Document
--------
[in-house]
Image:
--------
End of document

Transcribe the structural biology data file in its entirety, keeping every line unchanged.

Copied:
[in-house]
Image: